Whenever wedding season rolls around, the issue of inviting children becomes a hot topic, with tons of opinions rolling around the internet. I've read a good number of both pro and con pieces, including an essay written last year on Refinery29 that convincingly argues against spending the entire ceremony holed up in the church lobby for fear your 1-year-old will become disruptive. And I've still concluded that children are more than welcome at our August wedding, including the tiny, rambunctious flower girl and ring bearer, both barely 3, who will most certainly need parental help getting down the aisle.
Because, you see, not all kids are unpredictable 1-year-olds who make it impossible for the parents to enjoy the grownup festivities. Very young babies, for instance, can be worn in a carrier and might just sleep through the whole event — so easy. Then, there are reasonably well-behaved 5-year-olds whom the parents might like to bring rather than shell out for a babysitter. There are 12-year-olds who might actually be excited to attend their first wedding and sulk if you decide to leave them at home (I was one once).
Some of my favourite wedding memories are kid-related, like getting pulled out on the dance floor by someone's 4-year-old, who got the party started well before any of the adults had nearly enough drinks to do the Electric Slide. This joy is pure. When was the last time you danced without being fuelled by alcohol or making when-is-Uber-going-to-get-here calculations in your head? I have a friend whose baby had been to five weddings by the time he was 6 months old, and when I see the photos of her, her husband, and their son hamming it up in a photo booth with their cowboy hats and moustaches, I think... How is this NOT the best way to have a wedding?!
I've had many a conversation with family members who don't agree with me. "It's inappropriate to have kids at an evening event like this," they argue. I don't understand this. What is inappropriate about a celebration that includes all generations? Why are we not treating children like...people? And, if we're going to be honest with ourselves, there are plenty of adults who act like children after a few signature cocktails.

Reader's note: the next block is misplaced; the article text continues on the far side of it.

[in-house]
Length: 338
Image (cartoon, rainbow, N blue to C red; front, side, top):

Let the parents make the call. They know their children's proclivities for tantrums, or lack thereof — as well as their own chances of finding a babysitter — better than you. If you have major budget restrictions, perhaps having a child-free wedding is the way to go (though don't forget that adults make a much larger dent in the overall bottom line). But if you're planning not to invite kids because they are "annoying," maybe you're the annoying one, hmm?
If we're going to be honest with ourselves, there are plenty of adults who act like children after a few signature cocktails.
Speaking of annoying: "Kids are not suited to sitting still and watching a couple talk about being together for better or [worse]," writer Ellen Scott opines in an article on Metro U.K. "They don’t understand the significance of these big, grand vows, and they won’t appreciate all the emotions going down in the room."
I feel like this doesn't give kids enough credit. People don't magically sprout the ability to understand love when they turn 18; children are growing human beings, so there's nothing inappropriate about exposing them to the full range of emotions shared and enjoyed by other human beings, rather than being ostracised. Besides, they will be adults someday — adults who are part of your circle, whom you would want to have in your life.
Scott continues by saying that if she were getting married, she would only want people "who actually give a shit about my relationship to be in the room (or in the overgrown garden decorated with twinkling lights, whatever). People who might cry a little. People who are really glad to have been invited. Young children of my friends and family are not those people. They do not give a tiny shit about my love life."
I hate to burst your bubble, but do you really think your friends' random dates or your great-aunt you haven't seen in 10 years really give a shit about your love life? Or are some of the adults there because they feel a sense of obligation, or because people run to open bars like moths to a flame? Come on.
I've also had conversations throughout our wedding-planning process about ways to trim the guest list, and I would never consider not inviting the child of a close friend. If you're important to me, your offspring is important to me. You know who I would rather not have there? Some guy a distant "aunt" has been dating for three weeks. I have every doubt in that guy's ability to truly give a tiny shit about my love life.
Finally, Scott writes: "Having children at a wedding means that all the adults have to be on their best, kid-friendly behaviour, going light on the booze, skipping the sweary anecdotes, and always keeping an eye on your table while you’re dancing in case your child finishes their book and decides to knock over the cake."
So, I ask this writer, are weddings just a place to get drunk and tell dirty jokes then? Or is the point to celebrate your friends' new union? Which is it? Because a celebration of love is an all-ages kind of thing.